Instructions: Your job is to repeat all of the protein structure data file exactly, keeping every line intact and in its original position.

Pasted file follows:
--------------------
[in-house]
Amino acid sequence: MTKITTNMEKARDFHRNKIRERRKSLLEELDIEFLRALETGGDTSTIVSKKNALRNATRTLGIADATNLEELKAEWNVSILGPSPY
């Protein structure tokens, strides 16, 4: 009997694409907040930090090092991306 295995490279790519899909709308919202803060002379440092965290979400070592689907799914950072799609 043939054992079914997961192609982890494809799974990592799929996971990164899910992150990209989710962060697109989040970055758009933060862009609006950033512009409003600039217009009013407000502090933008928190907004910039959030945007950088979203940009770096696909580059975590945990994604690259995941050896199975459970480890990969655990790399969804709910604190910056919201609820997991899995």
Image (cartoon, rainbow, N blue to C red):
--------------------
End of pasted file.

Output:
[in-house]
Amino acid sequence: MTKITTNMEKARDFHRNKIRERRKSLLEELDIEFLRALETGGDTSTIVSKKNALRNATRTLGIADATNLEELKAEWNVSILGPSPY
């Protein structure tokens, strides 16, 4: 009997694409907040930090090092991306 295995490279790519899909709308919202803060002379440092965290979400070592689907799914950072799609 043939054992079914997961192609982890494809799974990592799929996971990164899910992150990209989710962060697109989040970055758009933060862009609006950033512009409003600039217009009013407000502090933008928190907004910039959030945007950088979203940009770096696909580059975590945990994604690259995941050896199975459970480890990969655990790399969804709910604190910056919201609820997991899995």
Image (cartoon, rainbow, N blue to C red):